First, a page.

Francisco Jimenez, Author for the Migrant Worker

photo-10-11-12-13-14-15-16-17-18-19-20-21-22-23-24-25-26-27-28-29-30-31-32-33-34-35-36-37-38-39-40-41May 21st, Hamlin (in San Francisco) welcomed Mexican-American writer and Santa Clara University Professor, Francisco Jimenez.  In the early 1950’s Dr. Jimenez worked alongside his parents in the fields of California as an undocumented child laborer.  He went on to graduate from Columbia University with a Ph.D., work with Cesar Chavez, and write the autobiographical books The Circuit:  Stories from the Life of a Migrant Child, Breaking Through, and Reaching Out.  The San Francisco Chronicle has called his work “moving and must-read,” and renowned author Rudolfo Anaya called his stories “so realistic they choke the heart.”

At Hamlin, our 6th graders read The Circuit as part of an interdisciplinary unit that combines literature and social studies.  An eighth grader recalled loving the book, stating that it was “told from a young person’s perspective that I could relate to and gave me a better understanding of the social justice issues facing migrant workers.”  Having Dr. Jimenez visit was a very special way to complete the learning experience.

Dr. Jimenez began his talk by asking how many people in the room had a parent or grandparent who had been born in another country.  Many hands went up, demonstrating how close we all are to the immigrant experience.  He went on to describe the intimate details of his youth, living out of cardboard boxes, moving from tent camp to ramshackle abodes, following the strawberries, grapes, cotton, and carrots, based on the various picking seasons.  He shared what it was like to be a 6-year-old in the fields, working, and watching his parents literally break their backs for pennies per pound picked.

While in migrant worker camps, Dr. Jimenez learned storytelling firsthand from folktales told by highly intelligent workers who never had the opportunity to go to school.  Listening to these stories sparked his creativity at an early age.  Later, when he was in 10th grade, his teacher Ms. Bell said that he had “writing talent.”  Dr. Jimenez ended his talk by telling our students, “The Mexican immigrant experience is an important and integral part of the American experience.  It is part of your history.  What is the identity of our nation?  Its identity consists of all the experiences of all the diverse groups that make up our society. ….the plight of child labor still happens in this country.  Have compassion, have compassion.”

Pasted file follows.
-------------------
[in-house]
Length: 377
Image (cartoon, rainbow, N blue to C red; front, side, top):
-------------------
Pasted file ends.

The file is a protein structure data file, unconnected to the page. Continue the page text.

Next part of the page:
After his talk, I had the opportunity to sit down and speak with Dr. Jimenez.  I was interested to learn how he was able to support his family and excel in high school at the same time.  He would begin his day at 6am working for an hour to an hour and a half as a janitor cleaning the Western Union and Betty’s Fabric’s before going to school.  After school from 3:15pm to 4:45pm he would study in the school library, then he would clean offices from 5pm to 10pm, often staying an extra hour until 11pm to finish homework.  On weekends he would continue his work as a janitor 8 to 10 hours on both Saturday and Sunday.

Dr. Jimenez went on to tell me about marching a portion of the 246 miles from Delano, California to Sacramento with Cesar Chavez in 1966, as part of the United Farm Workers strike and grape boycott.  He shared how Chavez sought to educate farmworkers about injustice suffered, while inviting people to join the union.  He described Chavez as, “inspiring, low-key, humble, and spiritual.”  Later in 1985 he invited Chavez to speak at Santa Clara University.  When Jimenez called his office to ask about a speaking fee, Cesar told him “to pay whatever he could afford.”  As part of that visit, they had dinner together, Jimenez described how Cesar Chavez “gave his complete attention, didn’t talk about himself that much, and was an incredible listener.”

Concluding our conversation, I asked Dr. Jimenez about migrant workers today.  He was very specific about areas that we as people should be concerned about.  He listed: a living wage, health insurance, better living conditions, enforcement of child labor laws, and limiting the use of pesticides in the fields.  He ended by saying that we should seek to “eliminate the suffering of human beings.”

To learn more about Dr. Francisco Jimenez, please visit:

To purchase a copy of The Circuit, please visit:

To see Francisco Jimenez in conversation, please visit:

To learn more about the current situation for migrant workers, please watch the trailer for the film Food Chains

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